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2017 Legislative Session Update - Day 1

Dear Friends,

Today the Virginia General Assembly convenes in Richmond for the 2017 Legislative Session! 
While preparing for this short session, I’ve sought feedback from constituents on which issues top their list of concerns. Unsurprisingly, the economy far and away continues to be the number one issue of respondents in my district. Although there are many important issues we will address in the General Assembly, the average Virginian is most concerned about providing for themselves and their families.
Therefore, my focus will continue to be practical ways to boost the economy and Virginia businesses, by furthering an environment in which businesses large and small may thrive, employing more Virginians along the way. With 97.7% of all businesses in Virginia classified as small businesses according to the U.S. Small Business Administration, employing 46.9% of Virginia’s employees, my focus is to ease the burdens on small business owners and encourage economic growth. One of the main complaints from small businesses in my district is the impact of  tax and regulatory burdens. Therefore, I've put in legislation to ease the tax burden on small businesses during their first five years, statistically the most difficult years for any new business. I’ve also introduced a bill to reform the BPOL tax so that businesses are taxed on their net, not their gross receipts. Finally, in order to be more competitive with border states, I’ve proposed lowering our corporate tax rate to 2.5%.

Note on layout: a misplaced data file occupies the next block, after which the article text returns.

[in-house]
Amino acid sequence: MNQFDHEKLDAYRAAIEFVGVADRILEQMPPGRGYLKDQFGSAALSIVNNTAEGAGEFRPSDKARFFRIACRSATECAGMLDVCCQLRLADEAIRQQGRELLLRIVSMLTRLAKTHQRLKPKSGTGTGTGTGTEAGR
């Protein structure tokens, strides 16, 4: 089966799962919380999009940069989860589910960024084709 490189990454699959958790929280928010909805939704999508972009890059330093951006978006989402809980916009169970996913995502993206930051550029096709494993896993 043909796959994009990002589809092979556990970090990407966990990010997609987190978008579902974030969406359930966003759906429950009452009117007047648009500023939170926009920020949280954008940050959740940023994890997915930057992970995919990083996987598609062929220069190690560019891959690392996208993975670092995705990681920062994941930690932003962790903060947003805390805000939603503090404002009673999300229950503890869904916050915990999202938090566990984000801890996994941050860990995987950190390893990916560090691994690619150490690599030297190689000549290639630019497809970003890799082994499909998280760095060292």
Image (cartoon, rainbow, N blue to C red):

After an exciting election year, a number of election-related concerns have arisen, prompting election reform bills; such as requiring a photo I.D. for absentee voters to limit fraud, and requiring third party groups to register with the State Board of Elections for transparency and accountability. I've also reintroduced a term limits bill, limiting members of the General Assembly to twelve years per office, and an eight year minimum residency requirement for the Governor, an increase from the current 5 year minimum. I’ve introduced a bill that has been on the dockets in previous sessions by members from both sides of the aisle;  reforming how the Commonwealth allocates its 13 electoral votes. This plan, which has been used in Maine and Nebraska, would better reflect the political diversity of Virginia. The candidates for president and vice president who win the popular vote statewide would receive the votes of the two statewide electors. The remaining eleven electoral votes would be given to the candidates who win the popular vote in each congressional district. Currently, all 13 electoral votes in Virginia are based on the statewide popular vote winner, or winner-takes-all.
We share the incredible privilege of living in the Commonwealth of Virginia, as well as many common goals. We all strive to see the Commonwealth, and its citizens, flourish. I am honored to hold the seat for the eleventh senatorial district and I am confident that if we work together, we can make Virginia even greater. 


Senator Amanda Chase

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